“A rather different set of motives”

Longish excerpt from National Review’s editorial on the NYTimes’ recent “shallow” front-page op-ed:

For all the panicky talk about them, so-called assault weapons — the sole, but unnamed, focus of the Times editorial — are used in a vanishingly small share of U.S. murders; rifles as a category are used in about 3 percent of murders, and the federal government does not even bother to keep track of murders committed with the subset of “assault rifles.” If one were to compare the prevalence of so-called assault weapons with that of, say, shooters who grew up in single-mother homes, you’d find some things that would make the sort of people who write for the New York Times uncomfortable, and thus the “at least they’re trying!” line of argument. Anything, no matter how irrelevant or fanciful, is preferable to facing the fact that the American Left, through its welfare-statist policies and its liberationist social ethic, has abetted the failed families, failed institutions, and failed communities that give rise to both mass shootings and ordinary crime.

We have, in essence, three murder problems in the United States: crazy people shooting up schools, statistically negligible but highly dramatic; terrorists and terrorists manqués like Nidal Hassan (of “workplace violence” infamy) and the San Bernardino killers, also a small set of murders but less negligible once one accounts for more successful terrorist spectaculars such as 9/11; and quotidian murder, found with great disproportion in poor and black neighborhoods in Democrat-dominated failed cities such as Detroit and Chicago. There are many possible policy responses to this — making it easier to treat people with severe mental illnesses; crushing ISIS and tightening our immigration policies; tough, effective policing — but reviving an assault-weapons ban that manifestly failed to have any effect between its passage in 1994 and its lapse ten years later is manifestly not one of them.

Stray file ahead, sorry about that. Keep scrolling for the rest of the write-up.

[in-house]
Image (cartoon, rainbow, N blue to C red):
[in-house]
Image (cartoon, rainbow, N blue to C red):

It should be noted — and more than noted, really — that the Times in its recent front-page publicity stunt did not call only for the tighter regulation of gun sales. Instead, it called for the confiscation of the presumably millions of legal firearms it deems unacceptable. That brings up some interesting questions, such as: By whom? It won’t do to ask nicely — a California mandate that residents turn in noncompliant ammunition magazines, for instance, produced a grand total of zero relinquishments. One wonders which federal personnel would be tasked, should it come to that, with going house to house, confiscating guns. There are not enough FBI agents or U.S. marshals to do the job. Park rangers?

“But at least they are trying!”

Contra President Obama, we see mass shootings in Germany, Norway, France, etc. Gun control, as the New York Times itself admits, does not prevent this. What is at work here is, in part, Kulturkampf: The sort of people who are found in gun shops are found in Walmarts, in unreconstructed churches, and in Houston voting booths opposing transexual toilet-rights ordinances. The sort of people who believe that the New York Times should be the last word in public affairs loathe and detest those people.

If you want to do something about terrorism, go after the terrorists. If you want to do something about crime, go after the criminals. Going after the law-abiding types who like to shoot quail, carry concealed firearms to protect themselves from criminals, or keep a scary black gun in the basement — just in case — demonstrates a rather different set of motives, one that has nothing to do with ordinary crime, mass shootings, or terrorism.

The Times has embarrassed itself. It has frankly embarrassed all of us who care about intelligent argument and who love newspapers, or at least what newspapers used to be. Pity the Times, but for God’s sake don’t take it seriously.

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